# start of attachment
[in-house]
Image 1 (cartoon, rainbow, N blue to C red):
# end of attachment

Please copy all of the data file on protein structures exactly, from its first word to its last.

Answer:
[in-house]
Image 1 (cartoon, rainbow, N blue to C red):